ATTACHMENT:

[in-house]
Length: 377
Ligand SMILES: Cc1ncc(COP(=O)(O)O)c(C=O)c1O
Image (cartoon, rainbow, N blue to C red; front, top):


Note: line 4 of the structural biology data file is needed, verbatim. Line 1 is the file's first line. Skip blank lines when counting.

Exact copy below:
Image (cartoon, rainbow, N blue to C red; front, top):